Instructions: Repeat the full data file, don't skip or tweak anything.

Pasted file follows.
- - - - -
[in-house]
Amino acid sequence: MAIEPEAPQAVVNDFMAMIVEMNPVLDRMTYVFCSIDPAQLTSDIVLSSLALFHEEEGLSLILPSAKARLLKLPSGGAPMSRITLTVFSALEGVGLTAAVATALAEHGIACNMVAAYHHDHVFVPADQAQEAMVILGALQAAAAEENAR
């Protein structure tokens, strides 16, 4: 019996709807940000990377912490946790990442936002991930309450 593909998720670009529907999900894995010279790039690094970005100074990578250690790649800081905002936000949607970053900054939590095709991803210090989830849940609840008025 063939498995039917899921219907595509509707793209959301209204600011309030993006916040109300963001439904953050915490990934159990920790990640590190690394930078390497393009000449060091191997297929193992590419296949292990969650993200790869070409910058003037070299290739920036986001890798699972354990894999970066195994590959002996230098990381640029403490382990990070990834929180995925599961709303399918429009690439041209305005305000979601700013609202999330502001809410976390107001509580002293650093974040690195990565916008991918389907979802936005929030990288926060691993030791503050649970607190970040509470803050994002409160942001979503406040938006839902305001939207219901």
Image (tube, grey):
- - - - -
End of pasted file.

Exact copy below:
[in-house]
Amino acid sequence: MAIEPEAPQAVVNDFMAMIVEMNPVLDRMTYVFCSIDPAQLTSDIVLSSLALFHEEEGLSLILPSAKARLLKLPSGGAPMSRITLTVFSALEGVGLTAAVATALAEHGIACNMVAAYHHDHVFVPADQAQEAMVILGALQAAAAEENAR
């Protein structure tokens, strides 16, 4: 019996709807940000990377912490946790990442936002991930309450 593909998720670009529907999900894995010279790039690094970005100074990578250690790649800081905002936000949607970053900054939590095709991803210090989830849940609840008025 063939498995039917899921219907595509509707793209959301209204600011309030993006916040109300963001439904953050915490990934159990920790990640590190690394930078390497393009000449060091191997297929193992590419296949292990969650993200790869070409910058003037070299290739920036986001890798699972354990894999970066195994590959002996230098990381640029403490382990990070990834929180995925599961709303399918429009690439041209305005305000979601700013609202999330502001809410976390107001509580002293650093974040690195990565916008991918389907979802936005929030990288926060691993030791503050649970607190970040509470803050994002409160942001979503406040938006839902305001939207219901």
Image (tube, grey):